Promoting Excellence : Conclusion

Future Directions
As these brief profiles reveal, APNs represent a valuable resource for responding to the needs of seriously ill Americans and their families—in a wide variety of geographic and clinical settings and in difficult demographic and sociologic circumstances. All the APNs profiled here are pioneers in overcoming barriers and creating viable and sustainable practices. The clinical expertise and the caring capacity of advanced practice nurses should not go untapped as the number of elderly people grows and the medical system attempts to care for them.

Advanced practice nursing in palliative care offers an exciting career opportunity that can help attract a new generation of men and women to the field of nursing and the proud profession of caring. Currently, however, APNs face challenges in training and licensure, and they may encounter regulatory and reimbursement barriers. With the development of generalist and advanced practice credentialing examinations and the creation of undergraduate and graduate advanced practice programs in palliative care nursing, the time has come for palliative care nursing to be recognized as a specialty in all states. With this recognition, the dream of making effective and compassionate care available for seriously ill and dying patients and families will be one step closer to becoming a reality.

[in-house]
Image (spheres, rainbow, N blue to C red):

Promoting Excellence in End-of-Life Care was a national program of the Robert Wood Johnson Foundation dedicated to long-term changes in health care institutions to substantially improve care for dying persons and their families. Visit PromotingExcellence.org for more resources.

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